Now, a different kind of opportunity exists.
In Vladimir Guerrero Jr. and Bo Bichette, the Blue Jays have two of the game’s most exciting young players. George Springer, Teoscar Hernandez and Lourdes Gurriel Jr. round out one of the game’s best lineups. A starting rotation featuring Jose Berrios, Kevin Gausman, Alek Manoah, Hyun Jin Ryu and Stripling projects to be among the league’s deepest.
And there’s more: closer Jordan Romano; live arms like Nate Pearson; prospects like Gabriel Moreno. Not to mention whatever comes next. Before MLB implemented the lockout, the Blue Jays were exploring the market for impact position players while pursuing pitchers in trade, according to sources. Even after adding Gausman and Yimi Garcia, they hope to add more.
Objectively speaking, then, the Blue Jays are already one of baseball’s best teams. According to FanGraphs' depth charts, they have the third-highest projected winning percentage in the game, trailing only the Yankees and Dodgers. Subjectively speaking, it’s just a fun group to watch.
In theory, that is.
After Tuesday, no one will be watching the Blue Jays or any other big-league team for the time being. Rogers Centre will remain empty a little longer with no chance of a Berrios shutout or a Guerrero Jr. walk-off any time soon. For Blue Jays players, each game missed cuts into the prime of their careers. And for fans, it’s a missed opportunity to connect with an exceptional core that’s already spent too much time away from home.
The Blue Jays, at least based on what parent company Rogers Communications Inc. (which also owns Sportsnet) told investors in its release on Q4 and 2021 results, were expecting a different. outcome.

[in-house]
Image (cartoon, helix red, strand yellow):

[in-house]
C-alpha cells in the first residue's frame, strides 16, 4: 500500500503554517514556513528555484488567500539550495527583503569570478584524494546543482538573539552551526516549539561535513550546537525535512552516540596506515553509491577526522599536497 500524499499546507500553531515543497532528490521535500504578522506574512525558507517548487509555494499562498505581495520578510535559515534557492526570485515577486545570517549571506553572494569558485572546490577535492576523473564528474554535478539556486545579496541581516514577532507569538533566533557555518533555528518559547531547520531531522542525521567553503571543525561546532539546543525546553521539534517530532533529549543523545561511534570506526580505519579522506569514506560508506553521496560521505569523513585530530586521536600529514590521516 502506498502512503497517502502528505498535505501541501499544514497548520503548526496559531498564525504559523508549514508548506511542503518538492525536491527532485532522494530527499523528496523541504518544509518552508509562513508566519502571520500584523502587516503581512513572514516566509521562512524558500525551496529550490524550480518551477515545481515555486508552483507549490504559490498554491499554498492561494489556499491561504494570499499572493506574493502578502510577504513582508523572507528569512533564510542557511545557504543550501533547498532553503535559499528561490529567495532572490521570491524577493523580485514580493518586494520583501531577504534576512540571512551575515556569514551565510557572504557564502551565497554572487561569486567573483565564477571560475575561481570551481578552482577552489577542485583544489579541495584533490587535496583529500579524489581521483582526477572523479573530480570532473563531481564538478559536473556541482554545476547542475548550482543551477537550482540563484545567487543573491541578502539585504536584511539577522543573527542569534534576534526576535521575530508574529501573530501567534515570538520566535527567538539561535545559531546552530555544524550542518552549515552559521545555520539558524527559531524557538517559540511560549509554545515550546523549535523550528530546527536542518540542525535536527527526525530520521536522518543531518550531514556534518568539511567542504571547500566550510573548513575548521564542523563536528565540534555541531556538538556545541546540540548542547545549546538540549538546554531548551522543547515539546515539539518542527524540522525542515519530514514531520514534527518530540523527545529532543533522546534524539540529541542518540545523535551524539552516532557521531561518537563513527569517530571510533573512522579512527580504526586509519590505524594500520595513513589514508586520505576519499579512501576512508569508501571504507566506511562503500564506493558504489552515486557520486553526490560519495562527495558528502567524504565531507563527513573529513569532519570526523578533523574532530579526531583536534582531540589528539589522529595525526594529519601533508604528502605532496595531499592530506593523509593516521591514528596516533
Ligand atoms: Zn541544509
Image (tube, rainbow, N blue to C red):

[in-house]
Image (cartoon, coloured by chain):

At the bottom of the penultimate page in Rogers’ 41-page January release, there is a section listing key assumptions behind the company’s full-year guidance for 2022.
Item No. 9 is of note: “No significant sports-related work stoppages or cancellations will occur and the current MLB lockout between the owners and players’ union will be resolved.”
Depending on your definition of significant, that assumption went out the window when Manfred cancelled the regular season’s first week. And it’s also demonstrative of a dynamic largely hidden throughout this process – the divergent interests of the 30 team owners.
While the 2022 season and beyond represents an incredible period of opportunity for a team like the Blue Jays, sacrificing April games, which typically generate the least amount of revenue, is far easier for clubs with less ambition.
An indifference to competition and incentivized tanking is among the issues at play in the CBA, and the divergence in club motivations are also reflected in the owners’ firm stance on the Competitive Balance Tax, or CBT, threshold. The higher that rises, the more motivated clubs can spend on players without penalty, a prospect that threatens inflationary pressure on salaries to the detriment of stingier clubs.
Priorities for the owners in talks have essentially centred around expanded playoffs and keeping costs down. But just as players are being tested with the loss of paycheques, owners must now cope with the loss of revenue and it’s unclear which group is driving Manfred’s approach.
“The owners were torn in some regards,” said Stripling. “There are some teams that really didn't want the CBT to go up. There are some owners that just weren't on the same page, so we're fighting that when they're fighting each other. And we held steadfast on what we believed in. We think it's reasonable.”